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Wednesday
Apr202011

Skill or Will?

Being a lifelong possessor of minority opinions in my household, I have entered the fray many times on the topic of socialized medicine. This is not a blog about politics but I think that there are some interesting parallels between the discussion of universal healthcare and public education, specifically the goal of successfully educating ALL students.

I first began considering the possibility of ensuring that all Americans could have access to quality medical care regardless of their ability to pay for it when I was an undergraduate student in the mid-1980's. At that point the question was moot on several fronts. The main factor that made the debate purely academic was that I did not, at that time, believe that we could make the health care guarantee even if we wanted to. That is to say, even if we had the WILL to do it, we lacked the technical ability, or SKILL, to carry it out.

I confess ignorance in the realm of health care, but my sense is that we have progressed rapidly in our ability to share information quickly across great distances, store records and information in ways that are accessible anywhere in the world, and to communicate directly to people who in the past existed "off the grid." The point is, I don't think this question is academic anymore. We now have the SKILL, but lack the WILL.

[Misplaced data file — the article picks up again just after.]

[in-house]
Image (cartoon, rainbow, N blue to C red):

Despite the claims of public school mission statements, we do not educate ALL children. In the past we seemed to have accepted the fact that there is a "margin of error" or "cost of doing business" that would always be present and would account for the fact that despite our best efforts, some students would fail.

Noted education consultant Carole Helstrom said that "the question is not WHETHER we can successfully educate all children, but rather how we feel about the fact that we haven't thus far."

Like health care, I believe that we have the SKILL to ensure 100% success in education, I think we lack the WILL.

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